It's also important to realize that if you want to sell your principal-protected notes, there often is no secondary market, and there can be a penalty for pulling out early, he said.
Despite the concerns with some types of RSPs, Mr. Baron believes they will continue to be in demand.
As to why sales aren't humming right now, he says, "the reason for that is the same reason retail investors are not looking intently at hedge funds and other types of alternative investments right now: When returns are very high in the stock market, why go to the alternative investments?"
As stock markets come off their highs in the future, he says, demand areas for RSPs may include those that are popular in the institutional market, including more obscure areas such as credit derivative products and mortgage-backed securities.
Theresa Ebden is an associate producer for Report on Business Television.
A structured primer
What they are
Retail structured products, or RSPs, are investments that give a return using a calculation based on stocks, commodities, or other assets.
Examples of RSPs
Exchange traded funds (ETFs) trade like a stock on an exchange but their value is based on an underlying index, commodity, or group of assets.
Resource limited partnerships take advantage of the Canadian government's incentives to encourage investors to finance exploration for resources.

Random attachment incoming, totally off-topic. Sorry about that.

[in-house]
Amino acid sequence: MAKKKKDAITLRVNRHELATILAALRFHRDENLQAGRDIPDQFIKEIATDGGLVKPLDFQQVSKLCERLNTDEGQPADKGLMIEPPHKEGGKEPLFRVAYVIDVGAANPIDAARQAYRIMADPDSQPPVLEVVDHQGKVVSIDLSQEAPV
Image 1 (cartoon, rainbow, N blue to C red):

Split-share deals involve building a portfolio of stocks that goes into a special purpose corporation offering two classes of securities. The dividend goes to one class of investors, while the other class has a leveraged exposure to the portfolio.
Principal-protected notes (PPNs) offer potential returns based on the performance of an underlying investment and a guarantee that, upon maturity, the investor will receive no less than the amount put in.
Along with a defined return, RSPs can also have built-in hedging strategies, reducing your risk as an investor, and may offer guaranteed protection of your initial investment.
As an investor, you need to be fully understand how the RSP works, be clear on how the return is calculated, and know what sorts of penalties may be incurred if you pull out early. Also, many RSPs do not have offer a full prospectus; instead, they are created with a less-detailed offering memorandum that does not need to be cleared with regulators.